While new enquiries are slow, supplementing your income from agencies and businesses that hire freelancers can be a safety net. You won’t have to find your own clients, a brief will be provided – all you have to do is the work itself. Plus, it’ll only add to your freelancer portfolio and you can pick up a reference at the end.
“You can often pick up work through agencies by reaching out to them and offering your services, says freelance animator, Anthony, of Anthony Animates. “One-off projects with agencies can help you grow and can be a lifesaver to keep work consistent until work picks up again.”
There are agencies for different industries specialising in various skills – find them on LinkedIn, through reputable freelance work platforms, like Twine or through your own online research.
Video Calls Taking the Lead
Since the lockdown began, video calls and investment in conference call technology has seen an increase in downloads and investment in software from businesses for their newly remote teams.
For many freelancers, conference and video calls are pretty much a way of life when speaking with clients and can open doors to new ones.
Lucie says the increasing use of new technology like Zoom, has increased what she can offer new and existing clients.
“Since lockdown, I have found international clients I work with over video and screen sharing to develop design concepts live. This allows them to have an input into the design, which is more palpable than providing feedback over email.”
Value Your Worth
Where do you excel and who is willing to pay you well for it? This is the golden ticket answer every freelancer wants to know.
Even in a crisis when you can help struggling businesses, there are still clients willing to pay well for certain skills. Could they be skills you have?
Award-winning marketer, trainer and Brave By Design podcast host, Laura Khalil believes that getting clear on your skillset and which companies will pay well is key to avoiding a ‘race to the bottom’ pricing model.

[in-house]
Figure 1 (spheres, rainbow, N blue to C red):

“Money loves clarity. Find your niche. Find people who have a problem you can solve and share with them the value of your service. That’s how freelancers can go from struggling to successful,” says Laura.
Keep the Marketing Alive
Keep the spark of marketing going, even if it’s just regular updates on your LinkedIn profile. Even when business is dragging, marketing should never be on your backburner. We’re not talking all out Facebook ad campaigns or Google Ads here, but regular, meaningful posts on social media, building your network and sending a few personal messages can work like magic in the long-term.
And while there’s less work around, you’ve got more time now to try some marketing strategies.
It may not feel like you’re growing your business this way, but more people will get to know you and what you do. Then, when they’re ready, they can contact you.
Lucie says: “Sharing aspects of your business and showing your followers that you’re still working on projects will eventually pass on to those considering design work.”
Remember your clients are human, too. Business owners have had all sorts of challenges through the pandemic, from loss of business to family illness – even closure. As well as marketing, sharing thoughtful posts and consideration for how tough people are finding it can help people see the human in you. Freelance content writer, Emma, of Emma Writes, suggests empathising with people’s posts and tagging them when posting helpful information. People are behind the businesses and this is what matters. Who knows? You could be doing business with them one day.
Using Co-Working Spaces
Before the lockdown, use of co-working spaces were said to grow by 40%, with freelancers who want to network with others. Working with people around you is proven to improve productivity, motivation and helps build networks to get new business. There are plenty of modern and useful facilities popping up around London and it doesn’t cost much to sign up to use them each month. But if you’re starting out and don’t want to spend out, there’s plenty of online spaces you can go for, including hotel lobbies and open areas in cafes.
Not only can working among others help with isolation, but it can also help to create ideas, as well as worries.
Coming out of lockdown won’t be easy and it’ll take time to get things for the market to stabilise again. But by being resilient, adapting and changing, it can help you stay afloat as we get into a new normal.